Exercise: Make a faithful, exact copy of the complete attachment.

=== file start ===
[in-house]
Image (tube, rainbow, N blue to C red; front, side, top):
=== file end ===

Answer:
[in-house]
Image (tube, rainbow, N blue to C red; front, side, top):